“Our best tip for the holidays? Don't be afraid to pull from different sources for your holiday arrangements! Keep things festive in a rich red and oxblood palette, but surprise your guests with tropical and dried textures—don’t worry, mixing them with fresh blooms will keep the overall look from going south! A few clippings from a tropical house plant can be the perfect foliage to make the flowers sing. Similarly, keep an eye out on a morning walk for anything dried and poking up from the sidewalk. You never know what you might find! Bonus: tropical and dried elements have incredibly long shelf lives, endearing themselves to the busy holiday host nicely.” —Amanda Luu and Ivanka Matsuba from Studio Mondine

Add Unexpected Elements

“When I’m designing a floral centerpiece for the holidays I always like to add in unexpected elements. I think about a color palette first and go from there. Let’s say I’m going to make an arrangement with reds and warm colors using flowers such as peonies, roses and lisianthus—instead of using pine greens for the “greenery or filler” I will clip off and use the colored part of a poinsettia plant that I bought from a garden greenhouse. Using the colorful poinsettia leaves makes the arrangement more striking with bold color while still keeping with the holiday spirit.” —Alicia Rico & Adam Rico from Bows & Arrows Flowers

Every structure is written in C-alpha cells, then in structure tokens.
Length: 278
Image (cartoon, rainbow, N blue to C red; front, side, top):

Watch Your Ratio

“I am not a ‘traditional’ florist, and no two arrangements are ever alike. But I have come up with a few rules that I follow. More flowers than vase. Go for a ratio of two-thirds flowers to one-third vase for a lush, sumptuous style. Consider one especially interesting or beautiful flower or piece of foliage to be your focal point. We call this a gestural flower. Our focal point is usually off-center. Try not to build pyramid- or ball-shaped arrangements; an asymmetrical arrangement is a lot more interesting to look at. Always prime the vase with foliage. Build a base and cover the edges of your vase with greenery. Fill all openings. When you think you are done, step back and check for empty spots.” —Ingrid Carozzi from Tin Can Studios